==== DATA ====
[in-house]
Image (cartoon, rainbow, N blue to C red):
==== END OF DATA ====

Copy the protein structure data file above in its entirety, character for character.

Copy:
[in-house]
Image (cartoon, rainbow, N blue to C red):